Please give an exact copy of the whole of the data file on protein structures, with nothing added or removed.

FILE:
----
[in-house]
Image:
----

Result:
[in-house]
Image: